Are People Really Targeting Asian Americans, and If So, Why?
Nobody wants to see a crime wave. We especially don’t want to see a trend in crimes that target a specific group. There is too much history associated with it. It’s too disturbing.
So when we see reporting on such a trend, we should take it seriously. We should also look at it very closely. Our most powerful media outlets have long preferred narratives they want to cover over those they don’t. There is a story they are eager to tell, and they need only the thinnest opportunities. We need to keep this in mind.
The Narrative About Anti-Asian Crimes
This targeting became front-page news recently. A 21-year old Caucasian gunman shot and killed eight people at an infamous massage parlor in Atlanta. Six of them were of Asian descent.
Coverage of the event turned immediately toward questions about hate and racism as motives. President Biden said that for Asian Americans, “It’s been a year of living in fear just to walk down the street,” while the vice president added that “violent hate crimes and discrimination against Asian Americans has [sic] risen dramatically over the last year.”
The reason for this, many speculate, is negative attitudes toward Chinese people due to the coronavirus being referred to as “Chinese.” ABC News suggested that “tweets containing the term ‘Chinese Virus’ likely perpetuated racist attitudes” which “helped fuel an environment of hatred.” One congresswoman said on a national Sunday morning news program, “I do strongly believe this is a hate crime.” A number of major media outlets echoed this narrative.
Let’s start by asking whether crimes against Asian Americans have, in fact, risen since the pandemic. It appears that in some places they certainly have, according to police reports. But if indeed there has been an increase in attacks on Asian Americans, we ought to ask where, by whom, and for what discernible reasons they have increased.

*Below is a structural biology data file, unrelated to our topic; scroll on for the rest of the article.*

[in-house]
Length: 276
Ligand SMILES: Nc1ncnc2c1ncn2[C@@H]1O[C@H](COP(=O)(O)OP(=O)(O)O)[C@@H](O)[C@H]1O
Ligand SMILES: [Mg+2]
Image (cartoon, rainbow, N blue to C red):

Notably, the increases in Anti-Asian violence have been predominantly in major cities in politically blue states. The cities with the largest increases in such crimes in 2020 were reportedly New York City, Boston and Los Angeles. Recently NPR highlighted the increased violence, focusing primarily on the areas of San Francisco and Seattle. Interestingly, Canada also reports similar increases since the pandemic began, concentrated in its major cities (Toronto and Vancouver).
There is little data on this question regarding 2020. Most years, though, have been similar to what the Bureau of Justice Statistics shows for 2018. The chart below shows that 27.5% of perpetrators were black, 24.1% were white, also 24.1% for Asian Americans, 7% were Hispanic. I have seen no suggestion that these averages have changed this year.
I have not been able to find clear research on reasons or motives. The media point to racism. Supposedly some people think Asian Americans are to blame for a virus that came from China. Many analysts point to other things, however, such as a general surge in crime in 2020, what one observer called a “climate of lawlessness that has reigned in many of America’s big cities following this summer’s protests against law enforcement.”